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Fasces wrote:Similar to Moehanga Day in New Zealand, the American government should recognize Columbus Day but also add Wanchese Day in late September - a holiday commemorating the Discover of Great Britain by the Great Chief Wanchese. Doing so would be an acceptable compromise to both recognize the founding of the modern era in the Americas while also recognizing the absurdity of "discovering" a land full of inhabitants, and be the first holiday specifically commemorating an American Indian of note. Also, a federal holiday in late September would be nice.
Wingina was looking for new allies with unique montoac (power), and the English seemed like good candidates. Their ships were useless, but the cannons and guns were a form of montoac that could defeat the Pomeioocs. When Barlowe decided to leave, Wingina sent two of his allies back to England with him, men named Wanchese (of Roanoke) and Manteo (of Croatoan). Neither men were “chiefs,” as the story has been told; instead, Manteo’s mother was the principal leader of Croatoan, and Wanchese was a warrior from Roanoke. Wingina counted both men, and their villages, as kin. Their assignment was to cross over into English culture and bring back as much intelligence as possible about these strangers who might become useful allies.5
The two men stayed at Sir Walter Raleigh’s mansion in London, learning English and teaching Algonquian to a scientist named Thomas Hariot. In six months they had learned enough to interpret both languages. They created an orthography of their Algonquian language and translated it into English, a document that became the foundation of a written form of an American Indian language. The bottom of this document bore a phrase written in the signs of Algonquian: “King Manteo did this.” Undoubtedly Manteo and Wanchese saw savagery in English culture: filth, disease, and noise; men who hoarded wealth; women whose husbands completely controlled them. One woman defied that cultural norm in England: Queen Elizabeth. Manteo would have seen his own mother treated with the same deference that Raleigh gave Elizabeth.6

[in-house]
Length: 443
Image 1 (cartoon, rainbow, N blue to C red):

Manteo and Wanchese returned home in 1585, accompanied by a force of 600 Englishmen — half of them soldiers — and their weapons. This time, Raleigh was not just exploring; he was creating an “outpost of empire.” He intended to establish and fortify a site in Virginia to prevent the Spanish from gaining any ground there. He thought he had secured Wingina’s friendship and Manteo’s and Wanchese’s loyalty. He did not think to ask their permission.7
After they landed, the commander of the 1585 expedition, Ralph Lane, began to believe that Wingina was going to betray the English’s weak colony to Indians farther west. Lane’s men ambushed and destroyed Manteo’s village of Croatoan, killing Wingina and impaling his head on a stake. Then, in the midst of a hurricane (probably something that he had never experienced), Lane fled the Carolina coast with the pirate Sir Francis Drake, who picked him up after pillaging Spanish settlements in Florida.
Drake had captured several hundred Africans and Indians in his raids, and it is possible he left them on the Outer Banks when he picked up Lane’s men. One scholar calls these people the “first and almost entirely forgotten ‘Lost Colony.’”8 A few weeks later, another small group of soldiers landed as reinforcements; they did not get the message that Lane had fled in despair. Wanchese destroyed that group in short order, not only exercising political vengeance but enhancing his own montoac; he showed his allies and his enemies that he was more powerful than Wingina and could do what Wingina would not. https://ncseagrant.ncsu.edu/coastwatch/previous-issues/2019-2/spring-2019/wingina-wanchese-and-manteo-a-lumbee-perspective-on-the-lost-colony/
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